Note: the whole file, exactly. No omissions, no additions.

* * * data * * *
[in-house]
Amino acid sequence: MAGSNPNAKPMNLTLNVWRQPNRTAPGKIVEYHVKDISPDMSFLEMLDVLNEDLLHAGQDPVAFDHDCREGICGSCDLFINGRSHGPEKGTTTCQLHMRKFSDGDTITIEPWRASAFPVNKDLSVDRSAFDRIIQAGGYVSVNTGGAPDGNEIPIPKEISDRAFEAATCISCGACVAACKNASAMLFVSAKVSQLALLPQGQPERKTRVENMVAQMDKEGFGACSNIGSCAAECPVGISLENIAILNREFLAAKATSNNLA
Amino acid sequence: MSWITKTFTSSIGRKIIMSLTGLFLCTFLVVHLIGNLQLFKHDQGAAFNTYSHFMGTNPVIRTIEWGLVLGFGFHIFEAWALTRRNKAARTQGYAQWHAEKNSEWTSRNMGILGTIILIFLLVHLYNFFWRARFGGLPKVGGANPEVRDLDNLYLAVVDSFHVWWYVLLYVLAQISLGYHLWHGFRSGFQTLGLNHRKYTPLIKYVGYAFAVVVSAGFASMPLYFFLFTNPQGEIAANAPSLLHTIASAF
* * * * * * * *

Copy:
[in-house]
Amino acid sequence: MAGSNPNAKPMNLTLNVWRQPNRTAPGKIVEYHVKDISPDMSFLEMLDVLNEDLLHAGQDPVAFDHDCREGICGSCDLFINGRSHGPEKGTTTCQLHMRKFSDGDTITIEPWRASAFPVNKDLSVDRSAFDRIIQAGGYVSVNTGGAPDGNEIPIPKEISDRAFEAATCISCGACVAACKNASAMLFVSAKVSQLALLPQGQPERKTRVENMVAQMDKEGFGACSNIGSCAAECPVGISLENIAILNREFLAAKATSNNLA
Amino acid sequence: MSWITKTFTSSIGRKIIMSLTGLFLCTFLVVHLIGNLQLFKHDQGAAFNTYSHFMGTNPVIRTIEWGLVLGFGFHIFEAWALTRRNKAARTQGYAQWHAEKNSEWTSRNMGILGTIILIFLLVHLYNFFWRARFGGLPKVGGANPEVRDLDNLYLAVVDSFHVWWYVLLYVLAQISLGYHLWHGFRSGFQTLGLNHRKYTPLIKYVGYAFAVVVSAGFASMPLYFFLFTNPQGEIAANAPSLLHTIASAF